Give Us Single Payer
Original words and music “Living on a Prayer” by Jon Bon Jovi,
Additional lyrics by Wayne A. Schneider, 2009

Once upon a time not so long ago:

Tommy loves his work as a doc.
Patients have all griped,
Insurance is not enough.
It’s tough.

Continue reading

A Doctor’s Voice: Medicaid for all

OregonLive.com, The Stump, by Michael Grady

We will have health care reform by the holidays, but it won’t be what we need.

The $265 million spent by the health care industrial complex on lobbying in the first half of this year, and the millions to follow, guarantee there will be no robust public option. Gone will be our best hope of curtailing the health

insurance, drug and device industries that have failed to give us value for our health care dollars.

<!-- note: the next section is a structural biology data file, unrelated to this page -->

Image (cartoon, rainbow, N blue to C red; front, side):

But it’s our stubborn refusal to discuss what a just and sustainable public benefit for health care should contain that ensures that changes to the system will be cosmetic. In particular, the failure to substantively address Medicare continues our national delusion that we can ignore the unfunded liability of this program over the next 25 years.

The projected shortfall for Medicare, in the tens of trillions of dollars, will make our current concern about $1 trillion in new health care spending seem silly. The problem with Medicare is the problem with insurance in general: It is designed in a way that encourages providers and patients to get as much as they can from it.